What do you think and feel about other people's cultures?
Do you think the various cultures get in the way of relationships?
How have you worked to meld cultures or accept others' cultures?

I love other peoples' cultures! Since I'm trained as a historian, I can really appreciate their evolutions, and it always amuses me how little things change, over millenia, even.

"Work to accept other cultures"?! Who am I? If the people I know come from a culture that is foreign to me, I think it behooves me to find out more about it. If I'm truly interested in the person, I'll want to know what belief structures may inform their opinions and actions, and I'll want to know dietary restrictions, in case I invite them over. A lot of the 'foreigners' we meet are still very much attached to their native lands, and if I want to be a friend, I have to respect that.



posted on Sep, 4 2006 @ 10:57 PM
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You're right, HH - emphasizing cultural differences can and will lead to racism, or at least a sense of uncomfortableness. For example, the common attitude is that all blacks love fried chicken and watermelon. Christ, I don't even know if that's true! But it serves to perpetuate a myth that blacks are lower-class because they like those foods. Well, I like chicken and watermelon, too, so what does that make me?

Another one: Blacks have forsaken Christmas in favor of Kwanzaa. Well, if that does't make me think you hate Santa Claus, I don't know what does.

And racist attitudes are not always a product of low education. You're probably aware that 3 guys working at Bell Labs invented the transistor. Brilliant guys, doing incredibly ground-breaking work. Did you know that one of them - William Shockley - espoused the idea that blacks were genetically inferior to whites? So it comes in all shapes and forms.



posted on Sep, 4 2006 @ 11:57 PM
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Originally posted by jsobecky
For example, the common attitude is that all blacks love fried chicken and watermelon. Christ, I don't even know if that's true! But it serves to perpetuate a myth that blacks are lower-class because they like those foods. Well, I like chicken and watermelon, too, so what does that make me?


Hey I like chicken too, watermelon not so much (more of a peach kind of guy), but anything chicken and I'm there. I suppose that makes us people who like delicious foods JSO.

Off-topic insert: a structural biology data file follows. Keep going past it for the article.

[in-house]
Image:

posted on Sep, 5 2006 @ 09:02 AM
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Originally posted by HarlemHottie
Now, we all are aware of the stereotype that black people are supposed to be ignorant buffoons, right? Well, I never would have thought people actually believed that, and before you tell me "No!," they do exist.


I believe that they do exist. I've been talking with my husband about this subject and we realized that we're so far removed from the mindset of 'mainstream America' and the experience of the general public that we just don't see this. Or even hear about it. Not these days, anyway. I never hear people I know (in RL) make racist statements.

And when people are together in groups and talking about race, they don't want to be embarrassed by being politically incorrect and making derogatory racial statements, because they don't want someone like me calling them out. So even if they have these negative thoughts and feelings about minorities, they're not going to voice them, not around me, anyway. Because I'll do my best to make them think about it.

Interestingly, when my husband and I are alone together, we DO make racial jokes. Simply because we know we don't really mean it and we know where the other is coming from. We joke about all races and all subjects. We're South Park when we're alone, but wouldn't show that to other people simply because they might not understand that it really is a joke.



Once, amazed at my reading proficiency, of all things, a teacher took me from classroom to classroom, making me read passages of the older kids textbooks, to prove to them it wasn't an impossible feat.


I cannot conceive how a teacher would think that's the right thing to do! Did she not realize that there was a real person in your skin? Were you a 'show-and-tell' project? No surprise the students didn't welcome you with open arms.